Posted on at

The influence of Quentin Tarantino can be found all over British crime drama, WHO NEEDS ENEMIES, the feature debut of writer-director Peter Stylianou. With scenes placed out of chronological order - as opposed to, ‘you’re out of order, mate’ - as well as captioned chapter headings and references to a crime we never see, you know this British writer-director is familiar with the likes of RESERVOIR DOGS and KILL BILL. When QT refrained from showing the robbery in RESERVOIR DOGS, he did this partly out of financial necessity - though in terms of the film’s structure and technique, not going for conventional suspense, it was beside the point. Stylianou does not show the central crime in his movies because it is in a moral sense unwatchable. You don’t want to see it; you don’t need to see it to understand it. It is just wrong.

In other ways, WHO NEEDS ENEMIES is deeply conventional British crime drama. The dialogue is the lark before the storm; characters debate whether you can kill a man by punching them through the nose bone. ‘It’s an urban myth.’ Ostensibly it is about a clean up operation that goes awry. Ian (Michael McKell) sends three heavies to retrieve some incriminating photographs from Tom (Ian Pirie) the manager of a strip club. Tom gets a whack in the face for his trouble. Only one of the trio, Mark (Glen Fox, who resembles the British comedian Jack Whitehall) is compelled to look in the Union Jack sports bag he finds sunk at the bottom of Tom’s water feature. (Or back pond for my American readers.) In the history of movie mistakes, this ranks somewhere between R.I.P.D., which has similarly buried material, and SISTER ACT - witness to a crime ends up on the run; see also SOME LIKE IT HOT. Except Mark doesn’t make it to the masquerading as a woman stage. He gets the bag over the head treatment. ‘I told you I was going to kill him,’ brags another bloke. It is a shame for us as Mark in a few short scenes, is established as the film’s most likeable character.

Thereafter, we flashback to the deal. ‘You think I’m going to let you use my club, no questions asked?’ ‘Yeah, and turn off the CCTV.’ We get a heavy hint of what went on, though one also senses a different sort of constraint when Stylianou depicts victims through sets of eyes and Ian mistreating the girlfriend of another of his lackies.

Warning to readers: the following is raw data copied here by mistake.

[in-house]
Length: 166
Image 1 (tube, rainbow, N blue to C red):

It ends like LONDON TO BRIGHTON before it in a field, though without the impending sense of dread that Paul Andrew Williams’ debut film achieved. The fragmentary makes us work to understand the chronology and, through repeated scenes, extends the length of the movie, but it also dissipates tension. We don’t get too involved with the characters.Their fates don’t surprise or shock us.

Once Ian emerges as the most worm-laden in a crate of bad apples, we naturally want him to get his comeuppance. Missing from the film is a sense of what is truly at stake.

Working with movie stars, Tarantino engaged us because he showed them doing un-movie star things, even being killed whilst emerging from the toilet. Stylianou does not have stars, just his friends. The acting is competent, though weakest when characters interact with women - it could be just the writing. It is a typical British crime thriller in the sense that the forces of law and order are absent.

The central crime is not only withheld, it is not even discussed. If the crime is the real subject, Stylianou could have explained its causes, but instead just shows it as abhorrent behaviour, a step up from excessive drug taking, the current cinematic short hand for amorality. In the end, WHO NEEDS ENEMIES, with its nondescript title, is an example of storytelling tease over content, foul-mouthed and violent yet bland.

Reviewed at Soho Screening Room, D’Arblay Street, London, Wednesday 2 October 2013


About the author


Independent film critic who just wants to witter on about movies every so often. Very old (by Hollywood standards).

Subscribe 0